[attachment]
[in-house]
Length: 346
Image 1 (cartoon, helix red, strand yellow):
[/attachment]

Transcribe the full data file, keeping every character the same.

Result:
[in-house]
Length: 346
Image 1 (cartoon, helix red, strand yellow):